One thing that Ella’s hospice counselor did that I think really helped her deal with the loss of Papa was to create a memory box. You can purchase a picture box relatively cheap at any arts and crafts stores or use a shoebox. While the child decorates the box, you can talk about different objects that hold special meaning that they can store in their box. Finding time during the busy school days can be tricky but it can also be very important as we look at the whole child’s needs. You may be the only person who is in a place to help your student talk about his or her feelings.

Ella and Papa on VacationI want to add that I am not a therapist or counselor. However, I have been a teacher for many years and through those years I have witnessed students struggle through grandparent deaths, parent deaths, and unfortunately, I’ve seen students wrestle with losing a classmate to cancer. It’s not a happy subject but an important one to be prepared for as we educate children to be not just good readers or scientists, but to be good, caring individuals who understand how to deal with difficult emotions.

Now, I’m not a great novelist or poet but I am dedicating this post to Papa! You are missed and thought about each and every day. Thanks for always being there for us and especially for loving our Ella like she was the only star in your sky. We love you!

Let’s connect on Pinterest and Twitter.

I can’t wait to see you next week.

Comments (13)

Brian--
This post will touch many hearts tonight, including mine. I revisit your dance party post so often when I need a smile. I now have another favorite. This post is a beautiful tribute to a life well lived-which is what we all hope for at the end of our days.

Hi!
Thank you so much for reading! I'm so thankful that you shared your thoughts with me. I love that you revisit our dance party post and that you enjoyed this one. I hope you have a great week!
Brian

What a blessing you are to our students! I am so grateful for your love and compassion with our children and I hope we can be there for Ella as time marches on! Excellent post and an awesome dedication to a wonderful Angel in the sky!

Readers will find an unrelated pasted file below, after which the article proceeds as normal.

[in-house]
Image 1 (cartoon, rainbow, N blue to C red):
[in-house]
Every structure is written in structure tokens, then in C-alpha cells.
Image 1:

Those are wonderful resources to help the children with the grieving process. Another book the I have found extremely helpful is "Tear Soup" by Pat Schwiebert and Chuck DeKylen. This one help my class with the loss of a classmate a few years ago.

Hi Ms. Erickson. I have never heard of Tear Soup but I will be looking it up. Thank you so much for sharing it and also for taking the time to read and comment.

You are very talented Brian--great job with this tribute. Papa was a sweet man-I'm glad that I knew him.

Thank you so much Laura! We miss you mad Grant and hope to see you soon!

What an amazing gift to Ella to have someone love her like he did..She was lucky to have him even though their time was cut too short.

Very true Amy! We appreciate all of you and your family's support!

Thank you for such a useful post. All three of these are new books to me, and I will definitely be looking for them in the future.

My dad died suddenly on my last day of 5th grade, and another thing my teacher did to show support from the whole class was to send a flower arrangement from the entire class- with their names all listed on the card. I still have it today.

I truly appreciate you taking the time to post a comment and share your story. What a thoughtful teacher you had in 5th grade and what a great keepsake she provided for you. Thanks for reading.

Brian,
Helping children through the grief process is such a difficult thing to do but you did an amazing job. May your Papa's love surround you and your family each and every day.
Allie

Thanks so much Allie! He is greatly missed everyday. I hope that what I've learned through this process helps others.